This issue of Living Bird examines the extinction process of two birds that barely survived into the 20th century—the Passenger Pigeon and the “Heath Hen,” a subspecies of Greater Prairie-Chicken that formerly lived on the scrubby coastal barrens from New England all the way to Virginia or perhaps even farther south.
We’ve all heard many times about the fate of the Passenger Pigeon—how the most abundant species of bird that ever lived went from a population in the billions to extinction in just a few decades. Author Stephen J. Bodio takes a fresh look at this story, pondering whether human actions, such as burning the forests to clear the land, might actually initially have helped boost the Passenger Pigeon population to the staggering numbers the species reached at its zenith before it was hammered by intensive market hunting and other factors.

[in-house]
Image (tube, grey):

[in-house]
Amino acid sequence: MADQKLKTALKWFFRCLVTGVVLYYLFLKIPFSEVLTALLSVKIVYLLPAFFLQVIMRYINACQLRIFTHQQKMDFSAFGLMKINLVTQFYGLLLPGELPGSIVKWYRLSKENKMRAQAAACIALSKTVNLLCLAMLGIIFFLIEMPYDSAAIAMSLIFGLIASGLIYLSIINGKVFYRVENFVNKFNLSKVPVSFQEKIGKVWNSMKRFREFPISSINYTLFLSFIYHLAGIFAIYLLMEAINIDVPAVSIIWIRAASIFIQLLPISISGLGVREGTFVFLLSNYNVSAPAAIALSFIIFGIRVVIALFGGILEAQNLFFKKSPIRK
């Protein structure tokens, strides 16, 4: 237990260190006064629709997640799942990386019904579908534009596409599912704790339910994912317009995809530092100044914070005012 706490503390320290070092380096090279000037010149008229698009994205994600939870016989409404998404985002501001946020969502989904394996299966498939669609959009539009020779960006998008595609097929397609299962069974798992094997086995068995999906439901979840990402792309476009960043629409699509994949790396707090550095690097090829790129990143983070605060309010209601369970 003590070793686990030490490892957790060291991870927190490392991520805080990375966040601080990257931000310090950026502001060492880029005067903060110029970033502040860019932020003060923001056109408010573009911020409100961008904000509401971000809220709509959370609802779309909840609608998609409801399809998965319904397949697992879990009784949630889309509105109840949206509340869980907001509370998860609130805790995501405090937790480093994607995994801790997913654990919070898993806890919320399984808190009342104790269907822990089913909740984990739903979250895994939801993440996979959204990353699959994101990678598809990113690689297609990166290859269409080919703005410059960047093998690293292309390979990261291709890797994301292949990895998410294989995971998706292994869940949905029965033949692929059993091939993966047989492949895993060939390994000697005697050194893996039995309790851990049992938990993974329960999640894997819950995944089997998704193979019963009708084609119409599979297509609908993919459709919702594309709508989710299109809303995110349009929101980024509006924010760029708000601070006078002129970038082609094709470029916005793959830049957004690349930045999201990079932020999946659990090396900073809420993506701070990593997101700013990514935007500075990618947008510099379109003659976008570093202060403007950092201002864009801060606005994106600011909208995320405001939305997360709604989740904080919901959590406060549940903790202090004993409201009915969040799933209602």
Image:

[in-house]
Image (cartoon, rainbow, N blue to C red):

Jack Connor takes a walk across the Pygmy Plains of New Jersey—an open area of tough shrubs and dwarf trees—and considers the absence of the Heath Hen, a bird so well adapted to this kind of habitat that the area once made up the heart of its range.
The fate of these two birds should serve as a cautionary tale to help us avoid repeating irretrievable mistakes.
Editor in Chief